Monday, December 20, 2010

Presents With Presence Alone

I've had an easy life. I'd say that I've always been a bit spoiled. Before you start imagining me clad head to toe in designer driving around in my BMW, let me rephrase. I've been EMOTIONALLY spoiled. I've been blessed with a wonderful and wildly supportive family. A family who cherished me, trusted me implicitly, respected my individuality, and supported me in everything I've ever done, good and bad. I know, no matter what, I have a strong unit in place ad that there's nothing I could do or say that would make them love me less.

When I did badly on a test or asked them one of my crazy hypothetical questions: "what would you do if I got pregnant?" "what would you do if I dropped out of high school?" they didn't freak out or threaten me. "If you fail a test, you fail a test. It wouldn't affect me. I've already been to high school. It's YOUR life." or "Would I be mad if you got pregnant? Would YOU be mad? It would be YOUR baby." Their matter of fact answers and unfazed attitude actually made me a much more responsible person driven to do my best/right thing not because I was worried that my parents would be "mad" at me, but because I wanted the best for myself.

When I discuss my upbringing with others, I find myself praising the stellar job that they did. They instilled the things in life that are important in life and taught me strong values. I grew up in a privileged household, where it would've been entirely possible for me to be overindulged but I simply wasn't. I was provided with food, shelter, education and the things in life I needed but luxury items were usually obtained through myself. They taught me that things weren't just given to you, that you had to work for them. They gave me work ethic, at 12 I was babysitting, at 16 I worked in a restaurant, and all through college I worked. When all of my friends got cars on their 16th birthday, my parents told me I'd always have a car to drive, but that it wouldn't be mine. "What do you have to look forward to if you have everything at 16?" my mother asked. I still don't have a car.

At the time, I thought they were selfish and annoying. I resented the fact that they had the ability to provide me with a car or $200 jeans but that they just wouldn't. I didn't mind having a job I just didn't understand why they wouldn't give me some things when I knew they could.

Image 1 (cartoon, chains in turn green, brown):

I realize now that they gave me something much better than a shiny new car with a bow on the top. They gave me an understanding for how the world works, an appreciation for all of the opportunities bestowed on me, and a HUNGER to want to succeed and provide for myself on my own terms. I've never thanked them for this. So, I think when I go home in four days, I am going to sit them down and do just that.

Not surprisingly, the holidays at my house were not all that traditional. As a little child, of course Christmas meant copious fabulous gifts under the tree but as I got older, the present waned. I was reminded that the point of the holiday was NOT, in fact, a new ipod or pair of Louboutin's but that it is a RELIGIOUS holiday, and the meaning of the day was to be spent with loved ones relishing in affection and tradition. We don't go all out in the present sense at our house. We do small, meaningful gifts, but on Christmas Day our house is a revolving door for family and friends, filled with warmth, joy and mirth. Not to mention my father's chef quality meals.

The crazy thing is, that I figured this out on my own around the age of 10. For me, Christmas was being in London with my mothers family and I truly loved that more than the gifts. I remember, around this age, my parents asked what I wanted and I answered, "I just want to be with my family." To this day, I still feel the same way. And, while I get GREAT joy buying someone the perfect gift, I OFTEN go to the Salvation Army tree at the mall and pick up the angels (which are the Christmas wishes for the underprivileged kids) and i buy a toy for someone who has nothing and instead dedicate the gift to someone on my Christmas list who has everything.

That being said, of course I like presents. And this post was supposed to be a tongue in cheek Christmas wish list, not an ode to the people who raised me. So, for any of you who believe Christmas presents are the be all of the is my list. I'll happily accept anything on it:
1. netbook
2. rag&bone jeans
3. andrew marc leather jacket
4. Nars "Laguna" bronzer, "orgasm" blush (either separately or in the combo kit)
5. Benefit concealer and "benetint" liquid blush
6. a gift certificate to Victoria Secret
7. knee high, high heeled black leather boots
8. Christmas mini eggs, French Fancies, marmite
9. any kind of cute clothes, dresses, skirts, shirts or extremely comfortable pajama pants.
10. you :)

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